Fri, Mar 14, 2014 - Page 9 News List

Conflicting narratives over colonial past

Henry Reynolds says the frontier war — his term for the violent dispossession of Australia’s Aborigines — raises questions of global importance about the sovereignty of an entire continent

By Paul Daley  /  The Guardian

Illustration: Mountain People

As a student at school and university in mid-20th- century Hobart, Henry Reynolds received a conventional education in Australian history.

Which is to say he learned absolutely nothing about the violent dispossession of Aboriginal and Torres Strait Islanders after European settlement in 1788 — events he has referred to unambiguously in his controversial writings as the “frontier war.”

Reynolds, a professorial fellow at the University of Tasmania, has spent half a century probing the dark recesses of Australian colonial settlement and posing discomfitting questions about colonial sovereignty. He uses his own awakening to illustrate what he calls the “great absence” in modern Australia’s narrative.

“Of course, I learned nothing at school at all about the whole situation of frontier conflict and warfare,” he said. “Generally speaking, there was nothing in the curriculum that would have taught you this.”

“Tasmania was a bit different in that there was an awareness of the Black Line [the farcical attempt to round up the Aborigines in 1830] and the settlement [where they were later sent to be “Christianized”] on Flinders Island, but if you wanted to find out more... in the ’50s and ’60s many of the major historians published histories of Australia and there was almost nothing in them about it,” he said. “In retrospect, it was quite obvious that from the late 19th century until the 1960s the whole Aboriginal experience had really been written out of Australia’s history.”

In 1964, having taught in schools in England and Australia, Reynolds was in his mid-20s when he arrived in northern Queensland to establish the Australian history program at Townsville University College (today’s James Cook University). The textbook at the core of his course was the multi-authored Australia: A Social and Political History, edited by the eminent Australian historian Gordon Greenwood.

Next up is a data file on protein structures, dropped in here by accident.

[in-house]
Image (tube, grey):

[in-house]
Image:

Reynolds describes Greenwood’s 1955 tome, perhaps the most widely read text on senior-high school and university reading lists at the time, as “a good book,” but the longer he taught, the more he became immersed in the social fabric of his college and his new town, which had a significant and growing Aboriginal population.

The stories of extreme violence on the Queensland and other pastoral frontiers — as Aborigines clashed with settlers and experienced reprisal massacres from vigilante groups, native police units and troops — were a revelation.

“The small number of students I had in two small courses — they all knew because they had come out of that [Townsville] community, and so many of them had come from places smaller than Townsville and they’d grown up with the whole question of race relations in Australia,” Reynolds said. “So in a way the answer was brought home to me because of where I was. The extraordinary thing was that as I became every day aware of the whole question of Indigenous Australians... there was nothing in the book. I mean, the Aborigine didn’t even make the index. They weren’t in the history.”

So the young academic sought out the reviews that accompanied publication of the Greenwood book. Most had been written by historians whose work was not included the book.

“They were pretty favorable, but not a single one of them saw that there was something missing in the history. So the whole profession was complicit in this silence,” he said.

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